Ever wish you could peel back the top-most layer of your sun-damaged, acneic, line-filled skin to reveal a flawless, fresher, and brighter complexion? Chemical peels may be the answer you've been searching for. By dousing the skin with exfoliating acids to rejuvenate and revive dullness (among other skin issues), chemical peels are touted by many as the secret to glowing skin.
That said, there are certain nuances to be aware of when it comes to chemical peels—namely, your various options, what skin type they're meant for, and potential side effects. To help us learn everything we need to know about all of the chemical peel benefits, we tapped celebrity esthetician Shani Darden and board-certified dermatologist Anna Guanche.
Meet the Expert
Read on to learn about the most popular types of chemical peels and which one is right for you.
What Are Chemical Peels?
Guanche explains that a chemical peel is a method in which a chemical solution (usually an acid) is applied to the skin and removed after a certain amount of time. "During this time, the solution penetrates the uppermost layers of the skin allowing the peel to achieve a certain depth," she says. "This causes the skin to peel, lifting off sun damage, smoothing the skin, and even treating acne. The skin cells that peel off are naturally replaced with new ones." Standard ingredients in a chemical peel are alpha hydroxy acids (think: lactic acid, glycolic acid, tartaric acid, malic acid, and citric acid) along with the beta hydroxy acid acne-prone skin is all too familiar with: salicylic acid.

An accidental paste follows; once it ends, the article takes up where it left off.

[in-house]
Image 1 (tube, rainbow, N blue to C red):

Alpha-hydroxy acids are a group of acid compounds, most often derived from plant-based sources. There are a variety of different ones out there, some of which include glycolic (derived from sugarcane) and lactic (derived from sour milk). While they all act on the surface of the skin as chemical exfoliants, they differ in size, and subsequently penetration and potency.
Here's how they work: the peel is painted onto the face by a dermatologist or trained cosmetologist. The stronger the formulation and the longer it's left on, the more powerful the "peel." The peel is then washed off and you may notice instant results.
What Are the Benefits of Chemical Peels?
Both experts agree that chemical peels are brimming with skin-loving benefits.
- Prevents acne: "Chemical peels help with acne because they lower the pH of the skin, making bacteria uncomfortable and unable to survive," notes Guanche, who says that peels are suitable for most types of acne. "They help remove the surface skin debris leading to a healthier complexion with less clogged pores."